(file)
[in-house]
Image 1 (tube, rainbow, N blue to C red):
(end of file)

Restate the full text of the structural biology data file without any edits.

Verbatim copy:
[in-house]
Image 1 (tube, rainbow, N blue to C red):